"If you use the blend modes correctly you can cut out a lot of extraneous detail and create strong abstraction," she says. "Generally, the more you shoot, the more chaotic and less controllable the final image becomes. For me, the sweet spot is around three to five images for a composite, but it depends on the subject."

Her advice is to keep things simple. "If you start working with something like a shadow on a wall, you get a sense of what the camera is doing as you work through a sequence," she says. "You also have to look at tonal values and see how light is falling on a subject, and spend a good 15-20 minutes looking at the subject and trying different approaches. Try changing the camera angle, white balance and exposure compensation and all will have an impact on the finished image.

"It's not easy and it's not for everybody, but I personally enjoy the challenge of it and I really enjoy the expressionist facility, in that you can convey emotions or feelings just by manipulating colours in a way that perhaps a conventional photographer is not able to do. I'm really thrilled that I've found this technique. It's got so many possibilities and I feel I'm never going to stop learning."

A black and white double exposure of an elderly man in a hat and a cityscape of old stone buildings.

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A tree with pale brown wood and green and gold foliage stands against a navy blue background. The colours are flat and artificial, while dots of moving lights surround the tree.

Valda created this image, titled Blue Moon Rising, using several exposures, including a tree and separate shots of fairy lights. "By moving the camera and making multiple exposures that are underexposed, you can make a trail of lights that gives this sort of dancing effect," she says. Taken on a Canon EOS 5D Mark IV with a Canon EF 70-300mm f/4-5.6L IS USM lens. © Valda Bailey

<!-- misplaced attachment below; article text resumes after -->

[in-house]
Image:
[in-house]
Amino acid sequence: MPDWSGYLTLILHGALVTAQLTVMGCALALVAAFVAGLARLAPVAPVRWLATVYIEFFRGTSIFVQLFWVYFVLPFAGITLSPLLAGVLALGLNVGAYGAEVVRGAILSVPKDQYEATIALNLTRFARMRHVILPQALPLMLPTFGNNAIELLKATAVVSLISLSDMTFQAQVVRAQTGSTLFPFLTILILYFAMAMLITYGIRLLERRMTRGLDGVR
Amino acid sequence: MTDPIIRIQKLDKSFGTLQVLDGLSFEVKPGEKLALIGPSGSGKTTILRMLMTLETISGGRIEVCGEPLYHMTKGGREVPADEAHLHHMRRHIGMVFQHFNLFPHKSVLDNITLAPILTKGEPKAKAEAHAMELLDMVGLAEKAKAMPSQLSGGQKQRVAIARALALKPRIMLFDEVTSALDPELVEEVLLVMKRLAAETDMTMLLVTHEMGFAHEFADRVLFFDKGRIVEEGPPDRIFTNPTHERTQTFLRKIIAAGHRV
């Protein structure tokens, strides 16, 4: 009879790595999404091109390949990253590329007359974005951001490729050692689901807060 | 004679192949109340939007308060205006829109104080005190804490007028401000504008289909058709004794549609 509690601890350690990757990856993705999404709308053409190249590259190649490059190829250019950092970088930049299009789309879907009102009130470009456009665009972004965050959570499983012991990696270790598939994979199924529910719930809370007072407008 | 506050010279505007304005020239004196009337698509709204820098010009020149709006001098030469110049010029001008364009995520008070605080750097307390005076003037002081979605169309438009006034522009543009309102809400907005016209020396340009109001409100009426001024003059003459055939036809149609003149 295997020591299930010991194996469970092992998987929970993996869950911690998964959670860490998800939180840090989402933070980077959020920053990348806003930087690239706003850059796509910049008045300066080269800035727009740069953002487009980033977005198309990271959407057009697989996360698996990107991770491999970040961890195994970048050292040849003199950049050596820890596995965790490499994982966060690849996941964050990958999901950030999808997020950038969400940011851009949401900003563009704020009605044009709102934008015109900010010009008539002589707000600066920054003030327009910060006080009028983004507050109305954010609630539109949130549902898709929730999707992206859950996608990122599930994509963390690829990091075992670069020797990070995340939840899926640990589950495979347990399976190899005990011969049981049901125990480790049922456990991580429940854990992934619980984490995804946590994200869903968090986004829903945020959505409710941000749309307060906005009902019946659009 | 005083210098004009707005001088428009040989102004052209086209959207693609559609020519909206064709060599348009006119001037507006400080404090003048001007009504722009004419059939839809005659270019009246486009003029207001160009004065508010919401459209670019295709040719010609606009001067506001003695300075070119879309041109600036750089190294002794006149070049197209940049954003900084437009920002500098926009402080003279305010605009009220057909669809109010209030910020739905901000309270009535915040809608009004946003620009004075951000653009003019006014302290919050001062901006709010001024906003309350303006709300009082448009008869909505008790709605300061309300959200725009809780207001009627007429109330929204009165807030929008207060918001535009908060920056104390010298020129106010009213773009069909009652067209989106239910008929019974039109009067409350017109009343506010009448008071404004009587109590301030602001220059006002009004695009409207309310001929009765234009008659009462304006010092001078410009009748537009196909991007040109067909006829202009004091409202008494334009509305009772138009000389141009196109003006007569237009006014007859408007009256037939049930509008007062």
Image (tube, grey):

Post-production and the final result

Valda shoots a number of different multiple exposure images while working in the field – usually around 30 or 40 – and it's only when she views the results on a computer display that she can identify the ones she likes and decide what post-production work needs doing. She uses both Adobe Photoshop and Adobe Lightroom*.

"I'm doing more in Lightroom these days because they've changed the masking tools so you can selectively edit certain tonal values and certain colours," says Valda. "Probably the greatest amount of time, at this point in the process, is spent manipulating colours.

"The thing I most enjoy about this way of shooting is that I get to choose the colours I like – I'm not constrained by what nature has put in front of me. However, I've got to make the colours work for me, and manipulating the colour sliders in Lightroom is where I can get really creative."

For her fine art prints, Valda uses the large-format Canon imagePROGRAF PRO-4000 professional photo printer to produce images up to 150x100cm (60x40 inches) in size. She is currently printing images on Hahnemühle FineArt Inkjet Paper 500g for an exhibition and will hand-finish the images with wax and varnish.

"Several galleries sell my work, so there's a very real need to produce prints," she says. "I've found my Canon printer very reliable – the ink nozzles don't clog and even if I haven't used it for a few weeks, I can just start it up and away it goes.

"As a photographer, you spend your life behind a camera or a computer and to have something tactile and tangible at the end of it is vitally important. Printing is always a great thrill. For me, it's the last piece in the jigsaw."

*Adobe, Lightroom and Photoshop are either registered trademarks or trademarks of Adobe in the United States and/or other countries.

David Clark